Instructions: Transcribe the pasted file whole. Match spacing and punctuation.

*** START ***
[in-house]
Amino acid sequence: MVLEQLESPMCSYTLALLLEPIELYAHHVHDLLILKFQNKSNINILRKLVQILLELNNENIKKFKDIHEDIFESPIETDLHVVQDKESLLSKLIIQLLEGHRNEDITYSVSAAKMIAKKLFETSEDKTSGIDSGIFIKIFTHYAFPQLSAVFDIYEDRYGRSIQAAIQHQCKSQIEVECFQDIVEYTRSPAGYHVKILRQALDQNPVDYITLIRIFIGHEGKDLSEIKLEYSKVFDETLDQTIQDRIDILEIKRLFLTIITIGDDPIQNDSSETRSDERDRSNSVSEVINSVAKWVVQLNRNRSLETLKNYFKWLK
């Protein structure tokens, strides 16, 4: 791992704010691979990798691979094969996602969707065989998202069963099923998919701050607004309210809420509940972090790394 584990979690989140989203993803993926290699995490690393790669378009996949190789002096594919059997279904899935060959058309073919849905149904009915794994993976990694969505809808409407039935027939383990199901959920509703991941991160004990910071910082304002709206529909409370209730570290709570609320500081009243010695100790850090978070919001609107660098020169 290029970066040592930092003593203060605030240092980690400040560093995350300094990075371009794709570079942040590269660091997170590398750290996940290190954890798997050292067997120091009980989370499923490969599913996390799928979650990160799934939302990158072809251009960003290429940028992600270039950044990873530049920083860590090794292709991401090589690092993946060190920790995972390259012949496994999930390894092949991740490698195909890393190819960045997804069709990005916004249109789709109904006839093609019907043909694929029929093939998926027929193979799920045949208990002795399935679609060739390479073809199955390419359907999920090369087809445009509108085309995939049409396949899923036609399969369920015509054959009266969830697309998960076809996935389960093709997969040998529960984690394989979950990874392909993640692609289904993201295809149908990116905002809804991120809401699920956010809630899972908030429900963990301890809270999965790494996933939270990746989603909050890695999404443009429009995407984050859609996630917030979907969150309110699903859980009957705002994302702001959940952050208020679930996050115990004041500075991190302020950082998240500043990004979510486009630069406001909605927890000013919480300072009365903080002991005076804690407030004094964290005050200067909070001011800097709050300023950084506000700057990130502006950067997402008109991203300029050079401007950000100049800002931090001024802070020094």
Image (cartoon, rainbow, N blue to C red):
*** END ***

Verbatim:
[in-house]
Amino acid sequence: MVLEQLESPMCSYTLALLLEPIELYAHHVHDLLILKFQNKSNINILRKLVQILLELNNENIKKFKDIHEDIFESPIETDLHVVQDKESLLSKLIIQLLEGHRNEDITYSVSAAKMIAKKLFETSEDKTSGIDSGIFIKIFTHYAFPQLSAVFDIYEDRYGRSIQAAIQHQCKSQIEVECFQDIVEYTRSPAGYHVKILRQALDQNPVDYITLIRIFIGHEGKDLSEIKLEYSKVFDETLDQTIQDRIDILEIKRLFLTIITIGDDPIQNDSSETRSDERDRSNSVSEVINSVAKWVVQLNRNRSLETLKNYFKWLK
């Protein structure tokens, strides 16, 4: 791992704010691979990798691979094969996602969707065989998202069963099923998919701050607004309210809420509940972090790394 584990979690989140989203993803993926290699995490690393790669378009996949190789002096594919059997279904899935060959058309073919849905149904009915794994993976990694969505809808409407039935027939383990199901959920509703991941991160004990910071910082304002709206529909409370209730570290709570609320500081009243010695100790850090978070919001609107660098020169 290029970066040592930092003593203060605030240092980690400040560093995350300094990075371009794709570079942040590269660091997170590398750290996940290190954890798997050292067997120091009980989370499923490969599913996390799928979650990160799934939302990158072809251009960003290429940028992600270039950044990873530049920083860590090794292709991401090589690092993946060190920790995972390259012949496994999930390894092949991740490698195909890393190819960045997804069709990005916004249109789709109904006839093609019907043909694929029929093939998926027929193979799920045949208990002795399935679609060739390479073809199955390419359907999920090369087809445009509108085309995939049409396949899923036609399969369920015509054959009266969830697309998960076809996935389960093709997969040998529960984690394989979950990874392909993640692609289904993201295809149908990116905002809804991120809401699920956010809630899972908030429900963990301890809270999965790494996933939270990746989603909050890695999404443009429009995407984050859609996630917030979907969150309110699903859980009957705002994302702001959940952050208020679930996050115990004041500075991190302020950082998240500043990004979510486009630069406001909605927890000013919480300072009365903080002991005076804690407030004094964290005050200067909070001011800097709050300023950084506000700057990130502006950067997402008109991203300029050079401007950000100049800002931090001024802070020094």
Image (cartoon, rainbow, N blue to C red):